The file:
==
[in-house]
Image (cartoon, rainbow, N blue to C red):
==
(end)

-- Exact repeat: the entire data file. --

[in-house]
Image (cartoon, rainbow, N blue to C red):